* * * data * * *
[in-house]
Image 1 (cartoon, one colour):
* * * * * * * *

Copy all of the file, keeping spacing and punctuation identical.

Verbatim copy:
[in-house]
Image 1 (cartoon, one colour):